Verse 169. -- Give we understanding. The especial work of the Holy Spirit in the illumination of our minds unto the understanding of the Scripture is called "understanding." The Psalmist prays "Give me understanding, and I shall keep thy law" (verse 34). So the apostle speaks to Timothy: "Consider what I say; and the Lord give thee understanding in all things": 2 Timothy 2:7 . Besides his own consideration of what was proposed unto him, which includes the due and diligent use of all outward means, it was moreover necessary that God should give him understanding by an inward effectual work of his Spirit, that he might comprehend the things wherein he was instructed. And the desire hereof, as of that without which there can be no saving knowledge of the word, for advantage by it, the Psalmist expresses emphatically, with great fervency of spirit in verse 144: "The righteousness of thy testimony is everlasting: give me understanding, and I shall live." Without this he knew that he could have no benefit by the everlasting righteousness of the testimonies of God. All understanding, indeed, however it be abused by the most, is the work and effect of the Holy Ghost for "the inspiration of the Almighty giveth understanding": Job 32:8 . So is this spiritual understanding in an especial manner the gift of God. In this "understanding" both the ability of our mind and the due exercise of it is included. This one consideration, that the saints of God have with so much earnestness prayed that God would give them understanding as to his mind and will as revealed in the word, with his reiterated promises that he would so do, is of more weight with me than all the disputes of men to the contrary. No farther argument is necessary to prove that men do not understand the mind of God in the Scripture in a due manner, than their supposal and confidence that so they can do without the communication of a spiritual understanding unto them by the Holy Spirit. This self confidence is directly contrary unto the plain, express testimonies of the word. --John Owen.

Verse 169. -- Give me understanding. Why should the man of God here pray for understanding? Had he not often prayed for it before? Was he a novice in knowledge, being a prophet? Doth not our Saviour Christ reprehend repetitions and babbling in prayer? True it is our Saviour Christ doth reprehend that babbling which is without faith and knowledge and a feeling of our wants; but he speaketh not against those serious repetitions which proceed from a plentiful knowledge, abundant faith, and lively feeling of our necessities. Again, although it cannot be denied but lie was a man of God, and had received great grace, yet God giveth knowledge to his dearest saints in this life but in part, and the most which we see and know is but little. Besides, when we have knowledge, and knowledge must be brought into practice, we shall find such difficulties, such waywardness, such forgetfulness, such wants, that although we have had with the prophet a very good direction in the general things of the word, which are universal and few, yet we shall find many distractions in our practices, which must be particular and many; and we shall either fail in memory by forgetfulness, or in judgment by blindness, or in affection by dulness. So easily may we slip when we think we may hold our journey on. Wherefore the man of God, through that examination which he took of his heart and affections, seeing those manifold straits and difficulties, prayeth in the verse following, not for the renewing of men in general in their troubles, but for the considering of his own particular condition. --Richard Greenham.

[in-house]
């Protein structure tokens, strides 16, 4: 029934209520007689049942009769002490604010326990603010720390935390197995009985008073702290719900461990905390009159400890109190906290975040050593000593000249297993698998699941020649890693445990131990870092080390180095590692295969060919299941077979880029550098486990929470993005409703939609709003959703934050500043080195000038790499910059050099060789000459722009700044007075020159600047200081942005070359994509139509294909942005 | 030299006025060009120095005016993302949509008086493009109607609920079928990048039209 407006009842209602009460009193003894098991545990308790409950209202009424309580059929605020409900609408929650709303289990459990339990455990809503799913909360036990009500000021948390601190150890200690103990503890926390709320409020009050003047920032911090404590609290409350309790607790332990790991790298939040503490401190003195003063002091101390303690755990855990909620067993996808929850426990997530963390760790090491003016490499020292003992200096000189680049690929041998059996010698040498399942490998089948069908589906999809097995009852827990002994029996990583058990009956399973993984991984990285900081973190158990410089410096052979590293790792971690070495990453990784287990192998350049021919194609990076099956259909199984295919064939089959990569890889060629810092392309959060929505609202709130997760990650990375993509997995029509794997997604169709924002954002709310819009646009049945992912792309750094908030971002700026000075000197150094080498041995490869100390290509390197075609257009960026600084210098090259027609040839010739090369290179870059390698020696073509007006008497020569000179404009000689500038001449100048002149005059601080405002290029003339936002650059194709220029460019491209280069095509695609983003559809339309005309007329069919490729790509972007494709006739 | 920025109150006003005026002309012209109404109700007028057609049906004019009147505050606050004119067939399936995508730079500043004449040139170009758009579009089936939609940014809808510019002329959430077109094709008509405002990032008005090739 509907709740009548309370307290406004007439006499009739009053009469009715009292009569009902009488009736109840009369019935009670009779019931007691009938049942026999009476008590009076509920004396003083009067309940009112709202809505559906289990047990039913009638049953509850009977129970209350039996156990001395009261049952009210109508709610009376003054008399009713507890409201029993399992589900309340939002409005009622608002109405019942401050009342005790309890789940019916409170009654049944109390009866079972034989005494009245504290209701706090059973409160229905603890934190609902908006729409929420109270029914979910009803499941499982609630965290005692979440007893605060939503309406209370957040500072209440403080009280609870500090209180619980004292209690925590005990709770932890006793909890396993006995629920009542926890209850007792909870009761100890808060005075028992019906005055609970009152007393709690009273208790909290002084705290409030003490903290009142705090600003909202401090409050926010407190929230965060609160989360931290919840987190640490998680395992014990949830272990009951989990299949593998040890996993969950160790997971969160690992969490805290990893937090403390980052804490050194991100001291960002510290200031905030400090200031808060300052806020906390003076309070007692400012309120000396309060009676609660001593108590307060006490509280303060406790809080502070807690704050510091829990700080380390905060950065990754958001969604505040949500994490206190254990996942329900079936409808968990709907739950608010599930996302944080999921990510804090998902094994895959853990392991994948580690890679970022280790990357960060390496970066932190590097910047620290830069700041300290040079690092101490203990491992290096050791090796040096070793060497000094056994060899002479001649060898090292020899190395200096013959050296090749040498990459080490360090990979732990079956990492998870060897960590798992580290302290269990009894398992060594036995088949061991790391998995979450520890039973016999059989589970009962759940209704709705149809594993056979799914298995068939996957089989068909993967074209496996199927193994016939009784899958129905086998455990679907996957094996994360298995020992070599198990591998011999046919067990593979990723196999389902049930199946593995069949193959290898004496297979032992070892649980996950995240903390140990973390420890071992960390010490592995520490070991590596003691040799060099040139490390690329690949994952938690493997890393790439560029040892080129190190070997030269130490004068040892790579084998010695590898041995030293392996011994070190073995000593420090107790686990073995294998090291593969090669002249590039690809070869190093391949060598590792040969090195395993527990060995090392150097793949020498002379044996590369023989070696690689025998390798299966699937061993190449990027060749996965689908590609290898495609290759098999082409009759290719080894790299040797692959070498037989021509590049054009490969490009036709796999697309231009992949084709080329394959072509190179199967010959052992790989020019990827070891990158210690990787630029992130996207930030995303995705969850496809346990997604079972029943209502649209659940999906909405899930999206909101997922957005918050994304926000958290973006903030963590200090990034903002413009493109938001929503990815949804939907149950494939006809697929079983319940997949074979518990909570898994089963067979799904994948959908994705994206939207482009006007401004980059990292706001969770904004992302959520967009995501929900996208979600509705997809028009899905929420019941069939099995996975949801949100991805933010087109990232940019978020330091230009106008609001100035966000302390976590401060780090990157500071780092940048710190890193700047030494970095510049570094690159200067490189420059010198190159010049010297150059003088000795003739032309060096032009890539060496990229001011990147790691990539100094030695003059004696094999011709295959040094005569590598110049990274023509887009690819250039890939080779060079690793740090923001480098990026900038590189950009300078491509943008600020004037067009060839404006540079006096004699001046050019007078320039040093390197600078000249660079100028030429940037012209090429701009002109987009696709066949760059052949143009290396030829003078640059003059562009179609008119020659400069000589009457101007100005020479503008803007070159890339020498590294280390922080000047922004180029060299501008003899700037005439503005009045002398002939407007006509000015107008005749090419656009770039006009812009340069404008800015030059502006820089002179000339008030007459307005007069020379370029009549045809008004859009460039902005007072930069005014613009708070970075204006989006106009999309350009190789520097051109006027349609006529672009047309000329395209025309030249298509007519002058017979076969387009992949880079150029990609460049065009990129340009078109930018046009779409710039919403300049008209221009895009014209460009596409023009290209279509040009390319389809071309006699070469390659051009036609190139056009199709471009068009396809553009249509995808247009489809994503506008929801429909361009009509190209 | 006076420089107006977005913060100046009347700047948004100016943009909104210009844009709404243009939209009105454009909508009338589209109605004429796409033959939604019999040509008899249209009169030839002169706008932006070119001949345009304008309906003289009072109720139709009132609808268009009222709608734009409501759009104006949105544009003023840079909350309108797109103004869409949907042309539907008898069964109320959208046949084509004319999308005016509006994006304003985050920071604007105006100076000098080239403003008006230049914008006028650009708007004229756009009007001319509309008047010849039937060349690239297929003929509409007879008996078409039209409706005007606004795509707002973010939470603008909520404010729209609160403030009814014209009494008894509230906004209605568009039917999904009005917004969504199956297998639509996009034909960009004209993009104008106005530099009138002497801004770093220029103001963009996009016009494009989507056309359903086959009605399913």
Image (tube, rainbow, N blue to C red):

Verse 169. -- According to the word. David here seeks understanding not carnally, for the wisdom of the flesh is death: but he seeks understanding according to God's word. Without this the wisdom of man is foolishness; and the more subtil he seems to be in his ways, the more deeply he involves himself in the snare of the devil. "They have rejected the word of the Lord; and what wisdom is in them?" Jeremiah 8:9 . But seeing he was an excellent prophet, and protested before that he had more understanding than the ancients, yea, than his teachers; how is it that he still prays for understanding? In answer to this we are to know, that there is a great difference between the gifts of nature and grace. Nature ofttimes gives to man very excellent gifts, as rare memory, knowledge, quick wit, strength, external beauty; but therewithal it teacheth not man to consider that in which he is wanting; whereof it comes to pass, that he waxeth proud of that which he hath. This is a common thing to men in the state of nature, that of small gifts they conceive a great pride: but grace, as it gives to man more excellent gifts than nature can afford, so it teacheth him to look unto that which he wants, that he be not puffed up by considering that which he hath, but carried in all humility of heart to pray for that which he wants. -- Abraham Wright.



Outlines Upon Keywords of the Psalm, By Pastor C. A. Davis.

Verses 169-176. -- The concluding cry. Bespeaking audience for his the Psalmist asks for understanding and deliverance (ver. 169, 170); raises to praise God (ver. 171), and to speak of God (ver. 172), and cries for help (ver. 173), salvation (ver. 174), life (ver. 175), and (ver. 176).



Verse 169,170. --

  1. The singular dignity of prayer. We are on earth, but our prayers pass the seraphim and "come near before God."
  2. The powerful right of prayer -- to urge with God his own word: "according to thy word."
  3. The triumphant possibilities of prayer. Blessing us in mind and estate. For time and eternity. "Give me understanding." "Deliver me."
  4. The amazing license accorded to prayer. To double and reiterate its requests (as here).


Verse 169. --

  1. Admission to the royal court.
  2. Instruction from the royal throne.
  3. Reliance on the royal word.